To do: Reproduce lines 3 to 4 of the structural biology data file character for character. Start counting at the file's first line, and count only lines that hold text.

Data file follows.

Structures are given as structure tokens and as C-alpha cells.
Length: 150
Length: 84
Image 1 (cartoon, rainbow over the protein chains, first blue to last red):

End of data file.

Length: 84
Image 1 (cartoon, rainbow over the protein chains, first blue to last red):